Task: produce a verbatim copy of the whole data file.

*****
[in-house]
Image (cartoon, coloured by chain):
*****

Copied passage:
[in-house]
Image (cartoon, coloured by chain):